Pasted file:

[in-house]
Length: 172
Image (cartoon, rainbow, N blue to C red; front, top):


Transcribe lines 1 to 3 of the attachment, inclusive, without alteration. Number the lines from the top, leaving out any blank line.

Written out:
[in-house]
Length: 172
Image (cartoon, rainbow, N blue to C red; front, top):